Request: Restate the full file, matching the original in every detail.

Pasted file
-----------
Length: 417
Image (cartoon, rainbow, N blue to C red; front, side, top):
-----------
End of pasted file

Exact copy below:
Length: 417
Image (cartoon, rainbow, N blue to C red; front, side, top):